Science and technology make their grand entrance to the story with Galileo. The future clashing like a warrior with the past. We can see the planets. We can demonstrate scientifically that we are not at the center of anything. We all know how well that went.
Time marched on, and after seeing the undeniability of Galileo’s observations, we slowly allowed our brains to begin to trust in the truths of science. Stone temples made of 100-ton boulders were no longer needed to keep time when pocket watches and calendars took their place.
Heathenish practices like human sacrifices and the worship of stars and other deities were shown to be superstitious. Enlightened people of the world began to seek peace, engage one another with respect, courtesy and tolerance. Persecutions were recognized as an offense against mankind itself, and a new and democratic world began to emerge. Where one was free to believe and pray and celebrate the rites of one’s belief without interference.
We’re far now from the 180 Roman Holidays per year that sought to recognize every festival of every belief and season. Our industrial society has forced even the most zealous to contain their beliefs to their personal time. On Saturday or Sunday. Or maybe you could have just one big holiday so it would be easier for everyone. We have schools and State workers now, and we embrace everyone’s right to pursue one’s own religion, but there needs to be a limit. We can’t close the schools, the banks and the government every third day like Rome.
A country founded by Christians and being predominantly so is likely to recognize the holiday for the birth of their savior. Jewish holy days, older than Christianity itself, were given the respect due. (Though it seems only in recent years will schools close for some Holy Days)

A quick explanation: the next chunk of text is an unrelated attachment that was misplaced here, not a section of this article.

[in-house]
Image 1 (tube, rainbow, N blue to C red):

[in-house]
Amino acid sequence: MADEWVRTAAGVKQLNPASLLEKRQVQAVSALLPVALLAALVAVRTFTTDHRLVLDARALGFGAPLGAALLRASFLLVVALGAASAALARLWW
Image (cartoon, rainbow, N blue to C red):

Galileo and his science was a chip in the mortar of many belief systems, and for other reasons that perhaps remain unknown, many religions are now shrinking. Churches and temples closing, consolidating. Maybe there’s just too much competition for time and money. Maybe modern science and medicine has caused people to turn from faith. While many traditions remain for the sake of tradition, some aspects are seen as superstition, or exaggerations of ancient storytellers seeking to add power and impact to their words.
There is little mentioned in 1984, in Brave New World, on Star Trek or Lost In Space about religion. Belief. Practice. Holy Days (the origin of the word holi-day) No Hanukkah, no Christmas, no Ramadan. If this is an accurate look into our homogenized future, I can only hope Thanksgiving is spared.
It may be based on mythology, or perhaps it’s factual. It may have first been celebrated by the Christians that invaded this continent, but in historical tellings it is celebrated equally by the natives, who were not labeled Christians. It brings people together, not to celebrate a religious rite, or to observe an occurrence in ancient times. It is not a gathering seeking absolution, nor to testify to the power of gods.
It is the simplest affair, really. Just a feast. A meal with persons we are most thankful to have. A day and time to stop, to pause and reflect on the good and glorious in our lives.
Our American Thanksgiving Holiday is not a religious observance. If it makes sense as part of your belief system, you can give thanks to whatever powers you choose to. If you prefer, you can simply observe your thankfulness in your heart for those things in your life that are appreciated. It is the very name of the holiday, and its intent is to inspire folks to be thankful, yet also it is a gathering. It is a get-together without a solemn religious purpose. It is a feast with family and friends. A holiday that has not yet been thoroughly smothered and overtaken by the greeting card industry and other hawkers of goods. There is no perfect tree or obligatory gift, no case upon case of lights and garlands to display.